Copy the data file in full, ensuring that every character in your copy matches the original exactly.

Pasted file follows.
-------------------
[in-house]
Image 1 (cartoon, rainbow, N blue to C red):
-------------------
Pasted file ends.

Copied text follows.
[in-house]
Image 1 (cartoon, rainbow, N blue to C red):